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Home / Tips and Tricks / The camera of the iPhone 12 Pro Max can take great photos. But you must know the tricks

The camera of the iPhone 12 Pro Max can take great photos. But you must know the tricks



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Andrew Hoyle / CNET

Apple’s iPhones ($ 599 at Apple) have always been impressed with their camera skills and the latest iPhone 1

2 line-up ($ 829 at Amazon) and 12 Pro ($ 999 at Amazon) are no exception. But it’s the 12 Pro Max that sits on top, with a larger camera sensor and a variety of upgrades, making it a photography powerhouse.

But having a great camera in your pocket doesn’t guarantee great images – you need to know the tricks of using that equipment to get the photos you want. Here are my top tips to improve your photography game and hopefully get the best photos ever from iPhone 12 Pro Max ($ 1,399 at Amazon).

Know when to use the different lenses

It’s easy to face a scenic scene and quickly switch between the normal, super wide, and zoomed views on the phone, but it’s harder to understand exactly why one is better than the other for a given composition. To find out, take an extra moment to look at what’s important to you in the scene.

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By switching to the ultra-wide lens, I was able to capture this mooring as foreground interest, which really ties the scene together.

Andrew Hoyle / CNET

Is there a particular subject – perhaps a statue or an impressive building – surrounded by many other elements such as trees, signposts or street lighting? Using the telephoto zoom here is an excellent way to isolate your subject and eliminate all those distractions. You may have to back up a bit and then zoom in to keep it in frame, but simplifying your scene this way will really make your subject stand out in the frame.

But maybe it’s those extra surrounding elements that really add to the scene and provide context for where you are. In that case, if you use the standard zoom, you can keep those items in the image. Switching to the super wide view captures even more of the scenery, so to keep your subject from getting lost in the frame, you may want to get closer and find interesting foreground objects (a patch of flowers, a cool looking rock) to add. add to the composition.

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Waiting until the night for this shot really paid off, with an incredible fiery sunset.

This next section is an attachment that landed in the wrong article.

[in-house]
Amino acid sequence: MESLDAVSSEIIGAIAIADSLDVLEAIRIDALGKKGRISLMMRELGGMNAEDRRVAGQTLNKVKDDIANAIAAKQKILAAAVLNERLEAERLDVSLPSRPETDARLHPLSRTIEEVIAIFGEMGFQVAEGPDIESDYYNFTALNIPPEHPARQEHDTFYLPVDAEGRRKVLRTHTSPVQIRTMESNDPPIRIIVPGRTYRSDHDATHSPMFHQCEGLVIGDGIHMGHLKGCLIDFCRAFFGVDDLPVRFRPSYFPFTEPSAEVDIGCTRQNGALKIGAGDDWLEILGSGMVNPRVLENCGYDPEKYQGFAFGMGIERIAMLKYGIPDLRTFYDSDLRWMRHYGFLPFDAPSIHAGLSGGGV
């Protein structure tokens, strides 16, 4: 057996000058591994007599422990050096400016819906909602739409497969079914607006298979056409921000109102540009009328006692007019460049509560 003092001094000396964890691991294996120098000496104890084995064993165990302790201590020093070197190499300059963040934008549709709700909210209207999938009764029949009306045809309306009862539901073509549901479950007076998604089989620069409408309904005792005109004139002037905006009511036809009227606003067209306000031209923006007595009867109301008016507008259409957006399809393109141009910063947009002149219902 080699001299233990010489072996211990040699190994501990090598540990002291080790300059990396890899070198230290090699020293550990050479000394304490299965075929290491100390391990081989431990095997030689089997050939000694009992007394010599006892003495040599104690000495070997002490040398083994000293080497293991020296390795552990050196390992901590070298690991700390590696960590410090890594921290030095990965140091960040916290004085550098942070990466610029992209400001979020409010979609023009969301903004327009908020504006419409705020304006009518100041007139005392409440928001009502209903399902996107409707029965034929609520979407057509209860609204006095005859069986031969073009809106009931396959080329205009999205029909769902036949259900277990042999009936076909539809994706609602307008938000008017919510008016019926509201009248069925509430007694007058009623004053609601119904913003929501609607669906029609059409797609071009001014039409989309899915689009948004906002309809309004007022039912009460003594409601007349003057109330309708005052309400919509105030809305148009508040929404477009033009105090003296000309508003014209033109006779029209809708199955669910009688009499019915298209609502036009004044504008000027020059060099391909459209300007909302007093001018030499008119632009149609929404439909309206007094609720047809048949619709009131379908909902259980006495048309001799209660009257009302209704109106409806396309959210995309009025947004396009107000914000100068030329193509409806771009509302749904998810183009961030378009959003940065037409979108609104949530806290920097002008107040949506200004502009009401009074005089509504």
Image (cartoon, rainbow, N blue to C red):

Andrew Hoyle / CNET

Visit again at different times of the day

The iPhone 12 Pro Max’s great low-light skills mean you can’t just take photos in the afternoon when the sun is at its highest. Sunrises and sunsets are generally darker, but can reward you with beautiful colors in the sky and great contrast in the light that is cast. Landscape photographers know that getting up before sunrise often produces the best results and that’s always worth bearing in mind if you can tolerate getting up early.

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Just 10 minutes earlier, this was the same scene. Fine, but without that Edinburgh sunset drama.

Andrew Hoyle / CNET

If you’re on a city trip (weather permitting) it’s worth trying a sunrise shoot at least once, visiting the places you’ve already found and seeing them transformed by the other light. It is this that will separate your images from the hundreds of others on Instagram who just took a picture after drinking their morning coffee.

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The improved night mode of the 12 Pro Max can take fantastic photos in very dark conditions.

Andrew Hoyle / CNET

Do not be afraid of the Dark

And don’t think that if the light goes out completely, you should stop shooting. The iPhone 12 Pro Max has one of the best night modes on any phone and it can take amazing night photos. City scenes, with car headlights, lively shop windows, and even festive Christmas decorations can be excellent food for night scenes. And don’t worry if it rains – those wet streets are now reflecting all those lights, which can look great.

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The original image on the left is a decent snapshot, but with a moody black and white editing it has a lot more atmosphere and works much better as a recording.

Andrew Hoyle / CNET

Concentrate on your editing

If you want to create truly eye-catching images, editing should be part of your workflow, whether you’re shooting in RAW or JPEG. You need to start with a good image, so make sure you’ve followed the tips above, but proper editing can be the biggest step in turning a standard photo into award-winning art.

I use Adobe Lightroom Mobile for most of my phone operations. It is a professional tool and has a lot of granular control over color and exposure. If you don’t fancy the monthly fee, Google’s Snapseed is free, and it also has a lot of excellent features to get the best out of your photos, including a variety of movie effects that give your photos a nice color tone.

If you want to get a little more wild and creative, you should check out apps like Bazaart and PicsArt, which offer a variety of tools and effects for composing images to turn them from photos into often bizarre modern works of art. Take a look at my collection of image editing apps for more ideas.


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